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Ethiopian Emissary on Somali Violence

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Ethiopian Emissary on Somali Violence


Ethiopian Emissary on Somali Violence

Ethiopian Emissary on Somali Violence

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  • <iframe src="" width="100%" height="290" frameborder="0" scrolling="no" title="NPR embedded audio player">
  • Transcript

Melissa Block talks with Dr. Samuel Assefa, Ethiopia's ambassador to the United States, about his country's role in Somalia, where a conflict has escalated over the past week. Ethiopian forces are said to be backing the Somali government forces that have entered the capital of Mogadishu.


Samuel Assefa is Ethiopia's ambassador to the United States. He joins us from the Ethiopian Embassy here in Washington, D.C. Thanks for being with us.

Mr. SAMUEL ASSEFA (Ambassador to the United States, Ethiopia): Thank you very much, Melissa.

BLOCK: I'd like to ask you for your ideas on what your country's role now is, specifically in controlling the capital of Somalia, Mogadishu?

Mr. ASSEFA: If you ask specifically, we have no specific role in controlling the capital. This is the job of the transitional federal government of Somalia. The fate of Mogadishu fundamentally should be left to the government. It's their country. It's not really our place to dictate.

Having said this, we have been in ongoing consultations, discussions, with our friends in the transitional federal government about what to do with the complete collapse, the disintegration of the structure of power that provided a semblance of order for the city, and I think there is shared understanding about at least the basics that have to be attended to.

BLOCK: And what would your government do about that?

Mr. ASSEFA: Our advice to the transitional federal government is first of all to engage politically. This is dialogue with elders, dialogue with the business community, dialogue with influential members of the community as a whole has to proceed or has to go in tandem with any military activity.

Secondly, and here the transitional government, too, has been already very active on this front. It is maintaining strict discipline. Having the right ethos, as it were. Making sure that revenges along lines of clan and so on are averted is also a very, very important component of restoring some kind of normalcy in the city.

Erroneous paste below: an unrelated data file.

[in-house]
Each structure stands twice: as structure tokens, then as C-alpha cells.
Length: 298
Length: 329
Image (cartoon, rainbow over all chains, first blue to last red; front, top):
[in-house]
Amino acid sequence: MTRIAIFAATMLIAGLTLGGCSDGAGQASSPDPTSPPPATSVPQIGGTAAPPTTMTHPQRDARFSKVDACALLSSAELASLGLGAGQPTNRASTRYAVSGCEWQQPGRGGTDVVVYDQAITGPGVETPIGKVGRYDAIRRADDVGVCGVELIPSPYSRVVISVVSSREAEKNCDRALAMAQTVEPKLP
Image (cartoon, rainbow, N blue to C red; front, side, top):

But things seem to be a little better. That's what some reports tend to suggest over the past few hours. The past six, seven hours or so we hear there are fewer brandishing of arms. The lootings and so on seem to have subsided. Some shops are beginning to open. Even one movie theater of sorts, a makeshift movie theater seems to have opened. And there are some signs of, well, a return to normalcy, and I think this is in part due to political work.

BLOCK: The report that we have heard from a reporter in Mogadishu is actually quite different. It describes a great deal of chaos. Apparently the Islamists, in leaving the city, turned their weapons over to various warlords and that seems like a recipe for disaster.

Mr. ASSEFA: That is true. That is true. They claimed that they had actually turned over their weapons to responsible elders, but what had happened is they turned it over to very young men with sort of militant beliefs and passions and this is a problem and this is something that needs to be watched.

So I'm not in any way suggesting that the problem has been effectively eliminated. The suggestion is basically that the political dialogues, which have commenced with elders, with the business community, these are very, very influential groups in the society. They do quite a bit of work in this regard, and perhaps there are already signs that this may already have positive effects.

BLOCK: When do you see Ethiopian troops withdrawing from Somalia?

Mr. ASSEFA: A few days, at most perhaps a week or two weeks. That's the language that has been employed by the prime minister as well, and I will not depart from this. It is speedy withdrawal.

BLOCK: Well, what then would keep the Islamists from coming back? They have pledged to carry on the fight and it's not clear that the transitional government has at all the strength to take them on. They were only able to do what they did with the overwhelming power from your country, from Ethiopia.

Mr. ASSEFA: Well, I mean, you yourself are giving us all the indications that they have dispersed.

BLOCK: Dispersed, but not disappeared.

Mr. ASSEFA: Well, I think they have disbanded for the most part. Now those elements, the hardcore elements, the fanatical elements, are a source of worry. That is why we claim that our job is not yet fully complete militarily. Seventy-five percent was the figure that was used today. We have 25 percent of the job still ahead of us and it refers indeed to these elements that may still pose a threat.

But by and large, I think the whole idea that they will quickly regroup and have kept themselves intact and it's just a matter of redrawing tactics, it's not consistent with everything else that we are saying.

BLOCK: Ambassador Samuel, thanks very much for being with us.

Mr. ASSEFA: Thank you so much.

BLOCK: Samuel Assefa is the Ethiopian ambassador to the United States. He spoke with us from the embassy here in Washington, D.C.

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